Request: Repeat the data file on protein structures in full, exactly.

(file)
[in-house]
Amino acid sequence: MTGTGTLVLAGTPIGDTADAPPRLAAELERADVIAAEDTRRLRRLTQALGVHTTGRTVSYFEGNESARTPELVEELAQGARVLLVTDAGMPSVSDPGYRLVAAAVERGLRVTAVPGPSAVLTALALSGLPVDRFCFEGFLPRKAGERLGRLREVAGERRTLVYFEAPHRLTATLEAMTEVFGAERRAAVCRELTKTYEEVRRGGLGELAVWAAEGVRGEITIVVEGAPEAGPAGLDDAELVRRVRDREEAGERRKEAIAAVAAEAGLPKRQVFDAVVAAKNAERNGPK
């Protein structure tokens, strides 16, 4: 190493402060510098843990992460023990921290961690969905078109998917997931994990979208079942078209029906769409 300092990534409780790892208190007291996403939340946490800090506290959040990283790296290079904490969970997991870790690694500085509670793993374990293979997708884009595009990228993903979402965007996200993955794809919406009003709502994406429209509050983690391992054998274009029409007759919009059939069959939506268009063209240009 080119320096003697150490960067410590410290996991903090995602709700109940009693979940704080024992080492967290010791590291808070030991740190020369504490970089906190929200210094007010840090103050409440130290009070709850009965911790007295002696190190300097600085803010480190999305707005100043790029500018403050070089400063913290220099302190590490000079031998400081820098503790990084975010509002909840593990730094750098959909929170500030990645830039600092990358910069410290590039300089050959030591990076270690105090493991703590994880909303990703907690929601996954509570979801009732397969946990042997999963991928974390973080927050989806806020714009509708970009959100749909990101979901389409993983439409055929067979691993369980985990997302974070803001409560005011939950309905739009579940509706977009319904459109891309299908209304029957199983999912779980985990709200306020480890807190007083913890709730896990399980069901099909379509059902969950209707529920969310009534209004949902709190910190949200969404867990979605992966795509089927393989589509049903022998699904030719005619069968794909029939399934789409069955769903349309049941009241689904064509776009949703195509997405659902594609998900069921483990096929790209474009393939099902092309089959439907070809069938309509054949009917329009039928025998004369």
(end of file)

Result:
[in-house]
Amino acid sequence: MTGTGTLVLAGTPIGDTADAPPRLAAELERADVIAAEDTRRLRRLTQALGVHTTGRTVSYFEGNESARTPELVEELAQGARVLLVTDAGMPSVSDPGYRLVAAAVERGLRVTAVPGPSAVLTALALSGLPVDRFCFEGFLPRKAGERLGRLREVAGERRTLVYFEAPHRLTATLEAMTEVFGAERRAAVCRELTKTYEEVRRGGLGELAVWAAEGVRGEITIVVEGAPEAGPAGLDDAELVRRVRDREEAGERRKEAIAAVAAEAGLPKRQVFDAVVAAKNAERNGPK
């Protein structure tokens, strides 16, 4: 190493402060510098843990992460023990921290961690969905078109998917997931994990979208079942078209029906769409 300092990534409780790892208190007291996403939340946490800090506290959040990283790296290079904490969970997991870790690694500085509670793993374990293979997708884009595009990228993903979402965007996200993955794809919406009003709502994406429209509050983690391992054998274009029409007759919009059939069959939506268009063209240009 080119320096003697150490960067410590410290996991903090995602709700109940009693979940704080024992080492967290010791590291808070030991740190020369504490970089906190929200210094007010840090103050409440130290009070709850009965911790007295002696190190300097600085803010480190999305707005100043790029500018403050070089400063913290220099302190590490000079031998400081820098503790990084975010509002909840593990730094750098959909929170500030990645830039600092990358910069410290590039300089050959030591990076270690105090493991703590994880909303990703907690929601996954509570979801009732397969946990042997999963991928974390973080927050989806806020714009509708970009959100749909990101979901389409993983439409055929067979691993369980985990997302974070803001409560005011939950309905739009579940509706977009319904459109891309299908209304029957199983999912779980985990709200306020480890807190007083913890709730896990399980069901099909379509059902969950209707529920969310009534209004949902709190910190949200969404867990979605992966795509089927393989589509049903022998699904030719005619069968794909029939399934789409069955769903349309049941009241689904064509776009949703195509997405659902594609998900069921483990096929790209474009393939099902092309089959439907070809069938309509054949009917329009039928025998004369």